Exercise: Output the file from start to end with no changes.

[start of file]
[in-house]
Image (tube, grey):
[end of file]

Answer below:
[in-house]
Image (tube, grey):